After almost 70 hours of lessons in Mam with a friend here in site, I'm going to relate the diagnosis that learning a Mayan language is not that easy. First, you have the issue of distinguishing the sounds: k', k, ky', ky, q', q, j all tend to lend themselves to beautiful confusion. Was that kyaq' (caliente/rojo)? Or wait, was it ky'aq (flea)? Or wait, maybe it was kya'j (cielo)? The incredible thing being that native speakers don't just divine the meaning based on context (as in the English where/wear), they really differentiate the pronunciation of sounds that to my ear sound almost identical. Don't even get me started on tx' and ch', nor their cousins ch, tx, x, and x with dieresis...
Then there is the issuing of producing the sounds. Oh man, is that something else entirely. I'm getting better, although without constant practice I slip back and forget the difference between sounds. There's no better way to test how I'm doing than to try to speak with the kids in the family, especially 3-year-old Rene, who doesn't speak much Spanish (see the post "Que es eso?") Tonight the two of us were hanging out in the kitchen together sharing the dinner I'd made. Somehow we always manage to communicate via our rudimentary modified Spanish, but I decided to throw a little Mam in the mix and ask for the name of things around the kitchen. My efforts sort of failed, with good reason (I realized later I was asking him "What's your name?" rather than "What do you call this?"), but my efforts did inspire Renecito to start giving me random words to try to pronounce. He found this game HIGHLY entertaining and his mom told me that he later reported to her (in Mam of course) how wonderful it was that I pronounced the word for "dish" with "j" instead of "q". What kind of idiot do we have living with us, anyway, Mom?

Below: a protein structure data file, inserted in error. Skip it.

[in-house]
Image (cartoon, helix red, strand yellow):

Finally I finished the conversation by saying, "Ma chin wane" (I just ate), to which Renecito responded in an exasperated tone, "Nqowane" (We're eating!) Pretty funny. And awesome to understand a word, to have insight into what Renecito is thinking, in his own language!
So, progress is definitely slow, since I am often way too lazy and tired from my primary "work" to study as much as I could, but I get encouragement in every smile and even every scoff when I offer up to people in a tienda "chjonte" (thanks), or to those I pass on the street, "wiya" (bye) or "chab'aya" or "chab'aqeye" (little by little, roughly like "take it easy"), or "mmm" to the ancianitos (a greeting of respect).
Whether people seem to react positively or not, I think even minuscule efforts to speak Mam do make a difference to people. The point really hit home for me with the thunderous round of applause I got after giving a talk on indigenous rights and mining to a group of young leaders, closing with "chjonte tun amb'il y chjonte tun nak'b'il" (thanks for the time and thanks for your attention). Such moments make me feel great and really encourage me to work to be able to speak and understand the basics.
Then there is the fact that I am learning this language through Spanish. Did I dream myself capable of this a year ago? Not really, to be honest. But that is one of the truly cool things about Peace Corps, the chance to break those limits you thought you had, chab'aku (little by little).